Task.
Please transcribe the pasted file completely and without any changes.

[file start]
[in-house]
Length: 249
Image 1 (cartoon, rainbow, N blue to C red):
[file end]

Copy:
[in-house]
Length: 249
Image 1 (cartoon, rainbow, N blue to C red):